A much respected expert on modern Japanese history, who teaches at Columbia University, Carol Gluck had only asked for a proper desk chair in the house to make her working life more comfortable. "But give an architect the opportunity to imagine a better place for a scholar to work and this is what Peter came up with. It was his idea to have stacks of books on a lower level, which I desperately need, and then a work space on the upper storey opening out to nature. It's an amazing idea."

Carol Gluck's 10,000 or so books, then, are safely stored on the closed bottom section of the library cube, which is clad in concrete board. The upper level, with a desk and enough shelving to store books in use, looks out into the woodland. Gluck now spends much of her working life, outside teaching, in the library and completed her last two books in her home retreat. So seductive is the space that she confesses it can be hard to persuade her to leave it.

"To me this is the gift of architecture," says Carol Gluck, "This is a transformative space. The library is the best space that I have ever worked, including some wonderful spots in Japan. It is above all serene, in part because you are suspended in the trees. I call it my 'tower' as in 'ivory' and also because it seems to float above the earth."

Like any great library, these bespoke, tailored spaces are highly comforting. Anyone who has grown up surrounded by books, or has been seduced by their charms and character, will know the great sense of pleasure to be found among shelves filled with the things you love. No wonder that in so many children's books, from Little Women to Lemony Snicket's stories of the Baudelaire orphans, the library is seen as a magical space of comfort, delight and discovery – and fun.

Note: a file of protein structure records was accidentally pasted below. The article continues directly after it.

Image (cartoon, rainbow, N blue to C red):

In Texas, designer and architect Salle Trout has created a library stairway at the heart of her new home, where the stairs wrap around a spiraling tower of books. These can be accessed from the ground or the stairs themselves, as well as from a bosun's chair attached to a chain hoist, supported from the ceiling, which can whisk you up the stacks like a steeple jack to find that precious volume.

"The lift operates from a remote control and it's great sport to let unsuspecting friends go up and leave them to dangle as we hold on to the remote," says Trout. "More seriously, having quick access to cookbooks, dictionaries and poetry is essential for me and my husband. We cherish books and love to have an unusual space to display, store and enjoy them."

Publisher and Bloomsbury books co-founder Liz Calder, too, has recently discovered the benefits of a new home library, although in a more grounded fashion. Having always had to spread books around her home in the past, Calder now has a new and bespoke space designed by architect Abe Odedina, which also links two part of the Suffolk home that she share with her husband, writer Louis Baum.

"The library is in a new gallery that Abe designed, which runs down the back of the house," says Calder. "It has books all along one side and skylights above. This library is the first time that we have amalgamated all our books and put them into one place. It was a real pleasure to bring them together and to do a bit of weeding, as well as to put them into something approximating a system.

"If you are a collector of books then you tend to have a vague idea of where any particular book is, but this is a great improvement. There is a certain amount of library envy. Some of our friends tell us that this is what they have always wanted while some have libraries of their own. It was really a great opportunity and is now a great pleasure."

Timothy Hatton Architects – – 020 7727 3484
Eldridge Smerin – – 020 7228 2824
Gianni Botsford Architects – – 020 7434 2277
Peter L. Gluck & Partners – – + 1 212 690 4950
Trout Studios – – + 1 512 894 0774
Abe Odedina Architects – 020 7737 5774/ 07710 024466

Book Dealers
Bernard Shapero – – 020 7493 0876